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. Last Updated: 07/27/2016

Politicians, Businessmen Form Agriculture Lobby

A group of oligarchs, businessmen, governors, State Duma deputies and a deputy agriculture minister joined Tuesday to create a union to lobby the government on behalf of the country's farmers and investors in the food industry.

"The agriculture sector desperately needed some kind of power that would formulate an idea and then lobby it until it becomes law," said Viktor Semyonov, a former agriculture minister who is now a Duma deputy and board chairman at the Belaya Dacha farm near Moscow.

The group will be the first of its kind in the agriculture sector. Farmers' interests were previously represented by leftist political parties, mostly Communists, that had no experience dealing with real agricultural problems. The group will unite the sugar, meat, poultry, corn and other sectors, which previously had their own lobbying groups.

Alexander Pesov, a union spokesman, stressed that the union is a lobbying group, not a political party or trade union, to represent the roughly 40 million people who are involved in the agriculture sector.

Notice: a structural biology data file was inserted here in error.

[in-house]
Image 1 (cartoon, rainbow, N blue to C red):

Among the 58 people gathered were representatives from the Interros holding, Alfa Group, Metalloinvest, Wimm-Bill-Dann, Deputy Agriculture Minister Anatoly Mikhalyov and regional governors.

Dmitry Kravchenko, a spokesman for Agros, an agriculture company set up by Interros, said that "the tasks and missions of the union are understood ... and we are willing to take part in it."

While they could not agree on the name of the union, tentatively called the Russian Agrarian-Food Union, the group's main tasks were set, Pesov said. Among the group's goals are laws on the buying and selling of agricultural land, changes to customs policies, and entry to the World Trade Organization, he said.

"We hope that the union will play a positive role for the Russian agriculture industry while entering the WTO," said Fyodor Klyuka, president of Metalloinvest's meat, milk and grain holding, Stoilenskaya Niva.

"The union is a sign that the government began supporting the development of agriculture business," he said.

Pesov said that the meeting unanimously supported the Agriculture Ministry's decision to ban imports of U.S. poultry. "U.S. health standards do not fit Russia's," he said.

Semyonov, the Duma deputy and a union founder, agreed.

"The state policy must be protectionist in regard to local producers," he said, adding that the first meeting "was not very successful, or effective, as was expected," but the meeting itself meant a lot.

"The authority of the union must become so strong that without consultation with this organization no important decisions would be made [in the agriculture industry] -- right up to the candidacy of the agriculture minister," Semyonov said.